Fitz and the Tantrums Release Much-Hyped Album


If you haven’t heard of Fitz and the Tantrums yet, it may be because you’ve been living under a rock. They recently released their a self-titled album and their newest single, “HandClap,” has made serious waves, having been played in commercials and consistently charting high (and sometimes first) on the Alt Nation Alt 18 Chart, among other things.

I knew about Fitz and the Tantrums, but, like I am often prone to do, kind of sat on them until I saw an announcement that they were headlining a tour with a band that I’m in love with (Finish Ticket), so I decided to look more into Fitz and the Tantrums. I wasn’t disappointed.

Fitz and the Tantrums Make Your Hands Clap

Their new self-titled album begins with lead single “HandClap,” which, as I said earlier, is enjoying serious commercial success and could perhaps be the soundtrack to your summer.

Starting with an electronic-instrumental hook, “HandClap” is a good start to the album, or a good place to start listening to this band in general. There’s a jazzy attitude to this indie pop-rock track that just fits perfectly with the clapping antics and distorted but smooth vocals.

I’m a sucker for great drum beats and bass riffs, and the next few tracks on the album are great for me in these aspects. “Complicated,” a song about (well, mostly) sex, and “Burn It Down,” a song about love and keeping the world out, both play out the great sounds of funky, jazzy bass lines and electronica-influenced drum beats.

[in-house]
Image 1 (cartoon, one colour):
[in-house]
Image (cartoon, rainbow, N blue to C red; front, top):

Then “Roll Up,” the fourth track, again shows talent with drum and bass, but I definitely feel like this song is influenced in some ways by reggae — though only lightly, as the jazz band electronica elements still permeate through this track, blending well into a fantastic mix.

“It feels just like your heart ain’t in it / Wish that I could just stop the universe from spinning” sings Michael Fitzpatrick in “Fadeback.” The song starts with a piano and vocal duet, then fades back (ha, get it?) into the electronica mix that has thus far been pertinent throughout this album. Though it definitely tries its best to be catchy (and it is), “Fadeback” also addresses missing someone and wanting them back, or wanting things to be the same as they once were.

“Get Right Back” reminds me a little bit of Twenty One Pilots’ newest release, Blurryface, without the rap. “Do What You Want” is a pop anthem that I feel could, like “HandClap,” easily be successful commercially. “Walking Target” mixes modern indie pop with the definitive sound of ‘80s synth pop classic. The album ends with “A Place for Us,” a strong note — it mixes all of the elements come before it, morphing into a unique sound that reminds me of Some Nights by fun.

Fitz and the Tantrums by Fitz and the Tantrums is a great summer soundtrack to play during long car rides (preferably with the top down headed to the beach) and is a great listen for fans of indie pop, catchy instruments and vocals, or just good music in general. Don’t sleep on this band like I did.

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